05/13/2011

Today I’m teaching part one of my two-part course for writers, A Picture is Worth a Thousand Words.

Learn how to evoke real emotion in memoir or personal essays. Participants are encouraged to bring an assortment of candid photos taken at significant moments in their life to use as inspiration in this interactive workshop. Part I will be mostly instructional/writing. In Part II (Sun @ 9:15), participants can share what they wrote in Part I and get helpful feedback

Checkout this link to see the other informative workshops available today. http://www.pennwriters.org/prod/index.php?option=com_content&view=article&id=255

Yesterday …Continued

05/05/2011

I didn’t finish everything on my list for yesterday but I did a lot. Posters were delivered to Borders Express and the manager there is very enthusiastic about the upcoming signing. The books have been ordered and she plans to set up a table for me right at the front of the store. “This place is a real mommy magnet,” she said. I hope so. We’ll both find out on June 11th.

I didn’t get to Dog Day Afternoon. I couldn’t find the place but I remain  undeterred. I’ll be heading out again later and won’t head home until my mission is accomplished. If you don’t hear from me tomorrow send out a search party, please.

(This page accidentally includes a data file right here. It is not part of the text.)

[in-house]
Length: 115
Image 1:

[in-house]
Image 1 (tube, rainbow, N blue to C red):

I did go to the post office but have to go back again today. Another one of the books listed for sale on Amazon to benefit the Young Voices Foundation (not my book) has sold.

I wrote a piece for a new blog column I’ll be collaborating on with my husband and my neighbors. It will debut soon and I’ll post more about that when the time comes. The good news about that venture is the responsiblity for content is shared and the postings will be monthly not daily. It also entails socializing and not having to cook dinner. I like that and look forward to spending time with friends on a regular basis.

I entered an excerpt from my creative nonfiction book to a contest seeking the next big idea in Christian writing. The winner is to be announced in two weeks. There are moments in the book that might be a bit raw for the market but I believe the overall message fits the criteria. We shall see.

Today I will work on my presentation for Pennwriters Conference some more and after that I’ll start putting together the baskets for the silent auction held there. The theme for the Area 7 basket this year is Encourage a Young Reader  – Inspire a Young Writer.  Children’s books from board books to YA will be included in the basket. I am also donating a basket myself.  The theme for that one is relaxation and will include a sleep mask, bubble bath, scented candles and soothing music.  That sounds wonderful, doesn’t it?

On that note, I have to get to work. What’s your day going to be like?

What to Write About?

05/04/2011

There are so many things that need my attention today that I am almost paralyzed.  I still have work to do on my upcoming workshop at the Pennwriters Conference next week.  Next week! OMG it’s next week. Yesterday I realized that what has been far on the horizon for so long is now imminent and I’m not quite ready. I’ll get there. I always do but in this moment all I can think is, How on earth can I get it all done?